Lack of confidence in the legal system of
the Democratic Republic of Congo, DRC,
has prompted a spate of vigilante justice,
provoking alarm among law enforcers.
Patrick Yav, a lawyer from the Centre for
Human Rights, a DRC-based non-governmental
organisation, reports a growing number
of incidents throughout the country
where members of the public mete out
summary justice on criminals caught
red-handed, rather than relying on the courts.
"Alleged criminals are often beaten up,
burnt, or killed with machetes," he said.
"They undergo cruel, inhumane and
Sometimes innocent people are killed
by the angry mob, because the evidence is wrong."
Such vigilante justice is a reflection of
the desperate state of
the country's increasingly
cash-strapped judicial system.
On June 30, Congolese president
Joseph Kabila broadcast a statement
on national television, calling for
a clean-up of corruption in the judiciary and
a restoration of public confidence in the system.
With typical incomes of less than
200 US dollars a month, judges frequently
turn to corruption to supplement
their meagre earnings, often handing
down verdicts on the basis of who
can pay the most, according
to Harriet Solloway, head of the
rule of law unit at the United Nations Mission in DRC.
Prison conditions in the DRC have also come
under fire recently,
with lax security blamed for regular
break-outs and human rights abuses
committed against inmates.
The High Council of the Magistracy was
set up in 2006 to guarantee the independence
of judges by taking disciplinary action
where necessary, but, lacking adequate
funding, it has so far failed
to meet expectations.
In 2004, with the courts paralysed through
a lack of money and corruption,
the government of DRC called in
the International Criminal Court,
ICC, to investigate alleged war crimes.
Yav says that mob justice is a worrying
trend that could further undermine
the country's creaking judicial system.
"Each person has an equal right for their case
to be heard in a fair and public way
by an independent and impartial court,"
"We must remember that each person
is presumed innocent until his guilt
has been legally established with
a public trial, with all necessary
guarantees for his defence."
At the beginning of July, in the town
of Katuba, some seven kilometres
outside Lubumbashi, a thief was heard
trying to enter a house in
the early hours of the morning.
The owner of the house called for help,
frightening the thief and
prompting a search of the area.
"The whole neighbourhood was searched,"
recalled the owner.
"We found two of the five thieves and
we attacked them.
Around 6 am, the police came
to collect the bodies of the criminals.
His actions highlight a widespread loss
of faith in the criminal justice system.
"Our justice is the best because
we know that when prison doors
are opened, one forgets to close them,"
"Prisoners who arrived there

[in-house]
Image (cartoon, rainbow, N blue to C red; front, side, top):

in the morning go out peacefully
in the evening and commit more crimes."
"It is a case of legitimate self-defence,"
said Georgette Misenga, another resident.
"Often, thieves come in with firearms and
sometimes they kill people they find in the house.
When you feel insecure,
you have to defend yourself."
Another incident took place in Kenya,
a suburb of Lubumbashi in July.
Residents of the neighbourhood say
that at 1 am, a man was caught trying
to break into a house.
He was dragged out to the street where
he was set alight and suffered
an excruciating death.
One resident reports that the police
did not arrive in time to intervene
in the vigilante execution.
"Our police always come too late," he said.
"That's why the population took care
of the matter themselves."
For their part, the police are quick
to defend themselves against
allegations of ineffectiveness.
Colonel Jacques Ilunga, the provincial
police inspector, complains that the courts
are often too quick to release
criminal suspects on bail.
"We are doing everything to arrest criminals,"
he said. "But just a few days after
a man has been transferred to the prosecution,
he is released.
He comes to see us, ask how we are doing and
to collect his belt that he left at the police station.
All these criminals that we arrest must
end up in prison.
If they are released, they will just return to crime."
The inspector says that dealing
with mob justice is no different
from dealing with any other crime.
"In such cases, the police still does its job,"
he said. "This means arresting the perpetrators
of mob justice along with the thief."
Dieudonné Kanyama, the prosecutor
for Lubumbashi's district court, reserves
harsh words for perpetrators of mob justice,
saying that "no one has the right to render
their own justice" and that, if they do,
they risk being sentenced to death f
or the murder of another human being.
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